Living is a journey on a series of stepping stones across the stream of life with the first step being birth and the last step being death. Each step causes feelings of denial: this can’t be happening to me; but, yes it is and I’m angry about it. Get over it; I can’t, it’s depressing. Get over it; yes, get over it and move forward as life goes on with or without your acceptance.
Some stepping stones are just below the surface; they’re hard to see, slippery, and cause us to fall into the stream. At the age of five, we fall off our first bicycle. At sixteen, we smash up dad’s new car. At twenty, we’re fired from our job. Step by step, as we cross the stream of life, we recycle denial, anger, and depression, but hopefully arrive at acceptance. Life carries on to the next stepping stone, and to the next crisis.
“Talking through our anger and disappointments, as well as analyzing our old hopes and dreams is a healthy way move on, and to accept a new status in life.”
It’s not uncommon to feel that we’ve prematurely arrived at the last stone and that the end of life is imminent. Kidney failure and dialysis are seemingly the last stepping stones, but life is not over, not yet. I talk with others about the precious gift of life given to kidney patients through dialysis. It’s also important to understand present feelings. Denial is often fairly easy to conquer. Anger can almost be fun to discuss and share. Depression is more difficult. We can no longer physically do the things we did in the past or hoped to do in the future. However, an exchange of ideas helps us find new ways to live life and be productive. Depression can be a bottleneck that chokes off living joyfully. Talking through our anger and disappointments, as well as analyzing our old hopes and dreams is a healthy way move on, and to accept a new status in life. We can then proceed to the next stepping stone by creating new hopes, intentions, and challenges. We can change the image of being a burden, and become a treasured helping hand in times of need. We can discover a new us that has been hiding under the surface.
“We dialysis patients are still alive, and have meaningful roles and messages for our families, neighbors, friends, and even strangers we meet on the way.”
By listening carefully, really paying attention to the details of what a dialysis patient says, I discover what stage – denial, anger, or depression – they are struggling with. They have my shoulder, my heart, and sometimes a spoken word of encouragement. I try to provide an example of how to move forward, living cheerfully, even when the body is not fully cooperating. I also cry when I’m hurting. It’s embarrassing, but it’s the other side of the cheerful coin. The comfort others bring to me strengthens both our resolve to live on. We dialysis patients are still alive, and have meaningful roles and messages for our families, neighbors, friends, and even strangers we meet on the way.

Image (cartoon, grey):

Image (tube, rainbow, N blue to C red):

Talking with dialysis patients is one way to help them pick up the pieces of a broken life and move on to continue being productive and happy. I don’t know all the answers, but I know some because I’ve been on the same stepping stones they are walking on. Without dwelling on the, “Oh, poor me,” syndrome, it’s fun exploring the new things we can do with our lives!
“I’m almost eighty-two years old, and I just bought my first canoe. “Why?” you might ask. t’s simple: I’m not dead, and I want to go canoeing.”
Another major step toward a healthy attitude is determined cheerfulness as a person embarks on a lifetime of dialysis. The stream of life is full of troubles, including all the negative attributes you can assign to its depths. But the stream’s water is also the foundation of life; its current carries the hope of the world, life itself. Hope is contagious. Smiles are contagious. Cheerfulness is contagious. Every dialysis patient has the opportunity to be an ambassador of cheerfulness and hope.
I’m almost eighty-two years old, and I just bought my first canoe. “Why?” you might ask. I have had fourteen heart bypasses plus four stints. No right arm rotator cup and neither kidney functions very well. I spend three days of each week devoted to dialysis. Why buy a canoe? It’s simple: I’m not dead, and I want to go canoeing. Everyone, including dialysis patients, can live their life to the fullest. I advise everyone that until you reach the last stepping stone across the stream of life, step forward with gusto and joy. The dance is not over until we take the last step home. Turn the corner of your lips up: smile and the world will smile with you.
Gordon Labuhn receives dialysis at Puget Sound Kidney Center and has decided to use the time while dialyzing to write and hope to inspire his peers to the same. Mr. Labuhn is retired from active service in the ministry and leadership positions in health services administration. Gordon is an active member of the Whidbey Island Writers Association, the Mystery Writers of America, Andrea Hurst’s “Just Write” consortium, and the Whidbey Writers Group. He and his wife, Karen, have three children: David, Kevin, and Ashley, and one deceased son, Gregory. Gordon says, “Life is enhanced by adventures of the mind: read.”
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